BOISE — Dozens of Idahoans met at the Department of Health and Welfare Monday to testify on a first-of-its-kind waiver that would offer Idahoans, eligible for Medicaid expansion, to either choose Medicaid or be given a tax credit to purchase a health plan through the Idaho insurance exchange.
The public testimony was largely against the waiver, over fears the Department of Insurance is trying to steer people away from Medicaid, while the Department of Insurance says they're just trying to give people a choice.
"This is veiled as a choice. It really creates kind of a false choice because Medicaid expansion is much cheaper to the individual,” said Sam Sandmire, volunteer for Reclaim Idaho.
This medicaid expansion related waiver, the first of its kind in the United States is proposed to give Idahoans who are between 100 and 138-percent of poverty level two options for government-subsidized health care. Option one, using a government tax credit, Idahoans at that poverty level would be given the option to select a healthcare plan using Idaho's healthcare exchange.
"The worry is that people who earn between 100 and 138 percent of the poverty level, would not be able to afford these plans. And then if they couldn't afford the premium or the copay or the deductible, would they be kicked off these plans," said Sandmire.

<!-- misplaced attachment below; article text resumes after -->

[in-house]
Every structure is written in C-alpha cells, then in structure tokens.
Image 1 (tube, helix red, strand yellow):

Or they could choose option two, Medicaid, but Sandmire is worried Idahoans won’t know they have that option, "The waiver is unclear as to whether they would be given both plans side-by-side so that they could compare the options."
Now, the Idaho Department of Insurance says they are accepting public comment.
"There may be, for whatever reason, some people that just don't want to go down the Medicaid route, prefer to pay their premium on their own or there may be certain doctors that they may not be able to access under one path or the other," said Weston Trexler, Bureau Chief of Product Review at the Department of Insurance.
If the waiver is approved, those people in the gap will still be eligible for Medicaid, however.
"It's just giving that choice that they'll decline the tax credit and then be able to enroll in Medicaid," said Trexler.
But whether the two choices will be presented side-by-side to the individual is still up in the air.
"At this point that's kind of an operational decision and I hope that that is the way it works out. The waiver process, the waiver application really is intended just to let CMS know that we want to give that choice," said Trexler.
The Idaho Department of Insurance is still taking public comment online or by mail, you can find more on that by clicking here.
Medicaid expansion is set to take effect on January 1, 2020.